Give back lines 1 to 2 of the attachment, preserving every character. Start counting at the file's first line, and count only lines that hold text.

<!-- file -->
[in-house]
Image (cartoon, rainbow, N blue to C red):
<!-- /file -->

[in-house]
Image (cartoon, rainbow, N blue to C red):